Jablonski diagram of one-photon (a) and two-photon (b) excitation, which occurs as fluorophores are excited from the ground state to the first electronic states. One-photon excitation occurs through the absorption of a single photon. Twophoton excitation occurs through the absorption of two lower-energy photons via short-lived intermediate states. After either excitation process, the fluorophore relaxes to the lowest energy level of the first excited electronic states via vibrational processes. The subsequent fluorescence emission process for both relaxation modes is the same. LAPRI-SBU Two-Photon fluorescence Light Microscopy M.R.Sharifimehr 17/36 Difference between TPA and SHG Two-Photon Excitation (TPE) is different from SHG, because in SHG the optical output is fixed at 2 and is a very sharp line at 2, related to the line width only of the fundamental at frequency . In the TPE, 3 is a higher frequency compared to either 1 or 2, but it is not 21, 22, or 1 + 2. In most cases, 3 < (1+ 2). LAPRI-SBU Two-Photon fluorescence Light Microscopy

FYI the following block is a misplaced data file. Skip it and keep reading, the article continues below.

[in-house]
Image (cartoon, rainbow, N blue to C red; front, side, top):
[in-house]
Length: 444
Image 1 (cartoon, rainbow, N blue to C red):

M.R.Sharifimehr 18/36 TPA Equations ~ ~ ~ ~ P (t ) (1) E (t ) ( 2 ) E 2 (t ) (3) E 3 (t ) ... N l(,2m) I1 I 2 N l t ( 2) Rng

( 2) ( 2) Rng ng ( ) I 2 I 2 N total ( 2 ) I exc z ( 2) ng 3 8 ( ) 2 2

nc LAPRI-SBU 1 I ( z ) I 0 1 ( 2) N total I 0 z pn( 2 ) (t ) t dI I I 2 I 3 dz nc 2 I E 2